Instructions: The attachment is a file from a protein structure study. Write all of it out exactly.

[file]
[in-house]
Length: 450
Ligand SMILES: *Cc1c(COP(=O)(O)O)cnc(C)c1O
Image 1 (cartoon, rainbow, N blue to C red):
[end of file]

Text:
[in-house]
Length: 450
Ligand SMILES: *Cc1c(COP(=O)(O)O)cnc(C)c1O
Image 1 (cartoon, rainbow, N blue to C red):